National Scientific Cardiac Centre Helps Train Int’l Doctors in Heart Implant Procedure

ASTANA – Thirteen experts from Germany, Italy, Serbia, Poland and Turkey are for the first time in Astana to learn how to implant the Heart Mate III, which is produced by the American company Toratec.

hospital surgery with heart rate monitorThe training programme is being held at Astana’s National Scientific Cardiac Centre, which was conceived by President Nursultan Nazarbayev. Since 2011, Chairman of the Board of the National Scientific Cardiac Surgery Centre Professor Yuri Pya has been implementing an artificial heart implant programme to help Kazakhstan  become a world leader in the field of cardiac surgery.

More than 150 Kazakhstan citizens have alreadybeen given a second chance at life with a new heart at the centre. The Heart Mate is a third generation device that has replaced its previous, less developed analogues. Kazakhstan, being a participant in the research, received implant rights from the manufacturer.

“Since we gathered here, I have had the extraordinary opportunity to witness implants of this third generation life saving device. I admire the professionalism of our Kazakhstan colleagues,”a University Hospital of Tübingen (Germany) Professor Christian Schlensak said.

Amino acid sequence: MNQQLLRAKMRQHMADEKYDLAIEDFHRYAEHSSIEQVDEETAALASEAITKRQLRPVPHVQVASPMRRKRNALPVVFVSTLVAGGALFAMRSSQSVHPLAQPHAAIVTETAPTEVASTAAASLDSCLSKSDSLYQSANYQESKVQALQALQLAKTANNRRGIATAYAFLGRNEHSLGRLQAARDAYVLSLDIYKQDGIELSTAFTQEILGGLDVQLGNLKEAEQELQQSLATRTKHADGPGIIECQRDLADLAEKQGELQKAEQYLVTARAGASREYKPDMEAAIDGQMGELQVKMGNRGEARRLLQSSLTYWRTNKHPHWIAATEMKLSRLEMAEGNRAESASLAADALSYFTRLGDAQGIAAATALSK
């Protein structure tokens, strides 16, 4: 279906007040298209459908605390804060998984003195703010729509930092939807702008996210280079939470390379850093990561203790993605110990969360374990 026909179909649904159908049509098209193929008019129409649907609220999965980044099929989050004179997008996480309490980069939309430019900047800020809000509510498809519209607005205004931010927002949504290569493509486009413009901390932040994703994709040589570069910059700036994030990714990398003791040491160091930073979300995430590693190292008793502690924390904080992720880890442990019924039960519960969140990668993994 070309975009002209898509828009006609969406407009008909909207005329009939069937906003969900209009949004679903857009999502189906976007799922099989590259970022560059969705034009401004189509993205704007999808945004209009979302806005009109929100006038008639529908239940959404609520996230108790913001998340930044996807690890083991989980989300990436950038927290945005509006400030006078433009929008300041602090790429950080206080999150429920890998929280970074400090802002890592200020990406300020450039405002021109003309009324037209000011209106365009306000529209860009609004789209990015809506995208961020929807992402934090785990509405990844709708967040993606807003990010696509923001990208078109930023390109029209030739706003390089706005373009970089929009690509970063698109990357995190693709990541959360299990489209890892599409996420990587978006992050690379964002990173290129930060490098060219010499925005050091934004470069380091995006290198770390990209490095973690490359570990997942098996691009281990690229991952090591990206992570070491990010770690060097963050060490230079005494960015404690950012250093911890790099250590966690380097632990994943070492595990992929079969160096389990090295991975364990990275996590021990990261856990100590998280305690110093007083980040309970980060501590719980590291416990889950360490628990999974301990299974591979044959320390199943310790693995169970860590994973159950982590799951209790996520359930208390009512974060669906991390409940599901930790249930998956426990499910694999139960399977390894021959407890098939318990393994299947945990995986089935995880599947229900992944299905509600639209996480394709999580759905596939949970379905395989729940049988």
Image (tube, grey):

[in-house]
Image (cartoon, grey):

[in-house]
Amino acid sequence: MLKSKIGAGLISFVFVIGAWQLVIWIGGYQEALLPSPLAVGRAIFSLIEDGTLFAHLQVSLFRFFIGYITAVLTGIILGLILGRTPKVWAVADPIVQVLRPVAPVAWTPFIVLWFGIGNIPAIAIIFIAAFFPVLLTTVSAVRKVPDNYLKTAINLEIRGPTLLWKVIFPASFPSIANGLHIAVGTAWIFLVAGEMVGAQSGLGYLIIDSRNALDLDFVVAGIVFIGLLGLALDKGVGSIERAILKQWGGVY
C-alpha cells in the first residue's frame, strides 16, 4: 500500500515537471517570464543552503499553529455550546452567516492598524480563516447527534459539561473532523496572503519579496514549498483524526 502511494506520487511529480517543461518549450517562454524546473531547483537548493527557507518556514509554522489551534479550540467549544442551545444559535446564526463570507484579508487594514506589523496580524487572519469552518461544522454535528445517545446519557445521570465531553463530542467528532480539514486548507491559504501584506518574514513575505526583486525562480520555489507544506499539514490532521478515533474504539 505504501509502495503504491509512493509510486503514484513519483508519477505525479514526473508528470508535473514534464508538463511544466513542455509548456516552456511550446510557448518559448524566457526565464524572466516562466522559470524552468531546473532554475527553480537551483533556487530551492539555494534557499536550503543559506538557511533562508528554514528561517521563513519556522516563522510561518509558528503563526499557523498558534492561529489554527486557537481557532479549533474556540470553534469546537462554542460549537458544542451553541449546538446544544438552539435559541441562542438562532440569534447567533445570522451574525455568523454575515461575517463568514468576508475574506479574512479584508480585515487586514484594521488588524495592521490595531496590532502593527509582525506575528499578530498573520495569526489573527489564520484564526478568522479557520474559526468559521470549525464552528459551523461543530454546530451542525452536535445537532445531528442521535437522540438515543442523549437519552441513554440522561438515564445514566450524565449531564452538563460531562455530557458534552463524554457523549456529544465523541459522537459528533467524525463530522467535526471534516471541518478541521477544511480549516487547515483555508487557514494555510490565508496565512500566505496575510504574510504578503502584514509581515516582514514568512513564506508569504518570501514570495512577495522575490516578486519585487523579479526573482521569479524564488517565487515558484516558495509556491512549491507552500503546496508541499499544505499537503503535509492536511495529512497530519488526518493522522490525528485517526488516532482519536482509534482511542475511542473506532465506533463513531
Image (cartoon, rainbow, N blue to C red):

Cardiac surgeons have had the opportunity to witness an implant procedure  and ask Professor Pya questions via the internet. It should be noted that presentations of the third generation artificial heart are expected to attract about 300 foreign experts to Astana. Apart from the Heart Mate III, the centre has more than 30 innovative technologies that will be presented through various workshops in the future.

Talking about other achievements at the centre, it should be mentioned that three hearts were transplanted last week. For the first time, a heart transplant was carried out on a minor, a 17-year-old boy. Since August 2012, 13 operations have been successfully carried out at the centre.

Both artificial and donated heart implants are expensive; this is why these procedures are usually carried out in countries with established economies. The cost of the first operation is 40 million tenge (US$215,767), the second is 25 million tenge (US$134,879). Despite today’s challenging economic realities, the transplant programmes won’t be cancelled as they are part of the social obligations of the state that President Nazarbayev ordered not to be curtailed in a recent round of budget optimisations. Hence, Kazakhstan’s citizens will continue to enjoy the opportunity to improve their health through the country’s high quality cardiac surgery options.

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